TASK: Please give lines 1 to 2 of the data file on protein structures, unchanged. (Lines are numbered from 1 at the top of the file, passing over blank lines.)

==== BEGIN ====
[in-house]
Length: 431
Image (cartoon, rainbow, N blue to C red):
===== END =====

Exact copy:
[in-house]
Length: 431